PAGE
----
Although the plants in our homes and gardens may seem beautiful, delicate and innocent, some of these can prove to be deadlier than they look – especially when it comes to our furry or feathered friends.
The below list details some of the more commonly grown plants that are toxic to pets, and should be avoided by pet owners.
If you suspect your pet has been poisoned, seek veterinary treatment immediately as, in many cases, the first few minutes or hours can be critical.
1. Aloe Vera
Although an incredibly useful plant to have in the home, it’s important to keep this ‘plant of immortality’ out of reach of curious cats and dogs as it can lead to moderate toxicity.
When ingested, the aloe plant can cause vomiting and diarrhea along with changes in mood and urine color, and rarely, tremors.
These low maintenance plants brighten up any home in the winter with their large, spectacular flowers.
However, they contain several noxious substances which cause harm. Watch out for salivation, vomiting, diarrhea, decreased appetite, pain, lethargy, and tremors in both cats and dogs.
The bulb of the plant is even more toxic than the flowers and stalk so keep your pets away from the potting shed!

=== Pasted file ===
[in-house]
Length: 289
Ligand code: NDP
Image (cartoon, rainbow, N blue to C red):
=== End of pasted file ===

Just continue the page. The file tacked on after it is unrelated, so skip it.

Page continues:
3. Autumn Crocus
While the Spring Crocus can cause general gastrointestinal upset including drooling, vomiting and diarrhea, the Autumn Crocus is far more deadly.
A compound in this plant, called colchicine, is highly toxic and can lead to severe drooling, vomiting, gastrointestinal bleeding, bloody diarrhea, liver and kidney damage, respiratory failure, seizures and death.
Signs may be seen immediately but may also be delayed for several days so if you even suspect your pet has come into contact with any part of this plant, get to a veterinarian immediately.
4. Azaleas / Rhododendrons
Toxic to dogs, cats, horses and other animals, ingesting even a few leaves of the azalea can lead to changes in normal muscle and nerve function.
The effects will usually occur within hours of exposure. Watch out for acute digestive upset, excessive drooling, loss of appetite, frequent bowel movements, diarrhea, colic, depression, weakness, loss of coordination, paralysis and weak heart rate.
In severe cases, the animal may suffer a drop in blood pressure, coma, and even death.
5. Baby’s Breath
This delicate little bloom is often found as a filler in flower arrangements, although it can be seen growing in the wild throughout the US, Asia and Europe.
Dogs and cats can suffer gastrointestinal upset, vomiting and diarrhea from this plant, although you should also be aware it can cause swelling and blockage of the air passages.
In the vast majority of cases the pet will make a full recovery within 4 to 24 hours of ingestion.
Read more: http://www.naturallivingideas.com/21-surprising-plants-kill-pets/